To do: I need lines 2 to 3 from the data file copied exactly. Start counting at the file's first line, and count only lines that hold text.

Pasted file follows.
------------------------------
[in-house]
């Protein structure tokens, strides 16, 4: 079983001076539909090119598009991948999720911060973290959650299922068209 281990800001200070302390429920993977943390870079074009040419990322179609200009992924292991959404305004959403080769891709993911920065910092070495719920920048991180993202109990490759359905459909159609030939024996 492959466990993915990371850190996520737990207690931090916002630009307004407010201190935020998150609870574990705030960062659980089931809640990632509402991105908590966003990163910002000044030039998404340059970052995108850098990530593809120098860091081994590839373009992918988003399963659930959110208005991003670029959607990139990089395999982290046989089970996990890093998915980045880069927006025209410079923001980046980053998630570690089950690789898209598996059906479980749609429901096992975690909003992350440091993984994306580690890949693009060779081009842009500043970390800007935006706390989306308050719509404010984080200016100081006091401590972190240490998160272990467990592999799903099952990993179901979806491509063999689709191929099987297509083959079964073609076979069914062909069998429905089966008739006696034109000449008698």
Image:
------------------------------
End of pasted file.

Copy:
């Protein structure tokens, strides 16, 4: 079983001076539909090119598009991948999720911060973290959650299922068209 281990800001200070302390429920993977943390870079074009040419990322179609200009992924292991959404305004959403080769891709993911920065910092070495719920920048991180993202109990490759359905459909159609030939024996 492959466990993915990371850190996520737990207690931090916002630009307004407010201190935020998150609870574990705030960062659980089931809640990632509402991105908590966003990163910002000044030039998404340059970052995108850098990530593809120098860091081994590839373009992918988003399963659930959110208005991003670029959607990139990089395999982290046989089970996990890093998915980045880069927006025209410079923001980046980053998630570690089950690789898209598996059906479980749609429901096992975690909003992350440091993984994306580690890949693009060779081009842009500043970390800007935006706390989306308050719509404010984080200016100081006091401590972190240490998160272990467990592999799903099952990993179901979806491509063999689709191929099987297509083959079964073609076979069914062909069998429905089966008739006696034109000449008698």
Image: